Back in the 50s, when the only thing booming faster than babies was the housing industries, the suburb was quickly replacing city living and farming communities. Ushering in the modern age, having a house was simply enough for young, growing families. At a respectable average of 1,000 square feet per house in 1950, that size has more than doubled by 2010.
Not to mention the costs of all this living. Now, 70 percent of American children live in households where all adults are employed in order to pay off that $152,000 house. In 1950, the cost of a home was just $8,450 and only 22 percent of income was spent on mortgages and property tax.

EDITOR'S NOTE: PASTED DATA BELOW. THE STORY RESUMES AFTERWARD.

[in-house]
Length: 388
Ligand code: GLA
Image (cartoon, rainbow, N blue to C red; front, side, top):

It may seem that we’ve got it made, but really we’re just working harder for a bigger house that we spend less and less time in. Almost everything has increased since 1950 from obesity rates to calorie consumption, but the average hours of sleep a night has dropped an hour and half. Our kitchens have grown larger too, as well as how often we go out to eat.
Check out this infographic below to see how our upgraded homes have downgraded our lives.